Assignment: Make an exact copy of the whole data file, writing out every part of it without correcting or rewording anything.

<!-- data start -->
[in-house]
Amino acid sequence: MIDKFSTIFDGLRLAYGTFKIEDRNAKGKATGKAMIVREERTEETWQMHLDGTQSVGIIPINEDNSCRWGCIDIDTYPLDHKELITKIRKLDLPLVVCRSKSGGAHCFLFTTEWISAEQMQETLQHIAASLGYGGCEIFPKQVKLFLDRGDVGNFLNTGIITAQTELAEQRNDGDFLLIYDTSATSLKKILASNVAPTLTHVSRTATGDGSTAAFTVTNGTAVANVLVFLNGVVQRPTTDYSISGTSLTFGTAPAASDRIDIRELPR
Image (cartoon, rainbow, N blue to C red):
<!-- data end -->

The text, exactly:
[in-house]
Amino acid sequence: MIDKFSTIFDGLRLAYGTFKIEDRNAKGKATGKAMIVREERTEETWQMHLDGTQSVGIIPINEDNSCRWGCIDIDTYPLDHKELITKIRKLDLPLVVCRSKSGGAHCFLFTTEWISAEQMQETLQHIAASLGYGGCEIFPKQVKLFLDRGDVGNFLNTGIITAQTELAEQRNDGDFLLIYDTSATSLKKILASNVAPTLTHVSRTATGDGSTAAFTVTNGTAVANVLVFLNGVVQRPTTDYSISGTSLTFGTAPAASDRIDIRELPR
Image (cartoon, rainbow, N blue to C red):